Two Ryanair planes narrowly avoided crash, investigation finds

·2-min read
A Ryanair Boeing 737-800 (Getty Images)
A Ryanair Boeing 737-800 (Getty Images)

Two Ryanair planes had a near miss at Malaga airport two years ago, an investigation has concluded, almost colliding in what investigators have called a “serious incident”.

The official investigation by Spain’s civil aviation authority yesterday revealed that an air traffic controller at the Andalucia airport had given one Ryanair flight permission to land on a runway from which another Ryanair flight had been given permission to take off.

The distance between the two Boeing 737s was, at its closest, 520 metres - 16 per cent of the minimum recommended safety margin, which was the length of the runway (3,200 metres).

“There was no degree of assurance that the regulatory separation could be maintained, as the aircraft on approach was travelling faster than the aircraft on take-off, increasingly reducing the separation between the aircraft,” reads the official report.

The incident occurred on 11 September 2019 at 7.50pm local time, with nearly 400 passengers aboard the two planes.

The plane landing had flown in from Germany, carrying 186 people, while the one taking off was bound for Liverpool, with 185 aboard.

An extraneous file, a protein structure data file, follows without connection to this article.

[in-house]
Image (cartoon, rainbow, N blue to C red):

Crew from the departing flight told the investigation they were given clearance for an immediate take-off without the air traffic controller ever informing them that an aircraft was on its final approach.

The report also showed that weather and visibility had been good at the time of the incident, while the volume of flights coming in and out of Malaga was not deemed to be a factor.

“The investigation has determined that the incident occurred because an aircraft was given clearance to land on a runway that was occupied by another aircraft in the process of taking off, without respecting the regulatory distances,” concluded the report.

It gave “deficient planning” by an air traffic controller when scheduling a take-off in a gap between landings, and failure to cancel the take off, as contributing factors.

A Ryanair spokesperson said: “We welcome this CIAIAC investigation report, which confirms the Ryanair pilots acted fully in accordance with procedure when reacting to this ATC error. The safety of our passengers and crew remains Ryanair’s number one priority.”

The Independent has contacted Malaga Airport for comment.

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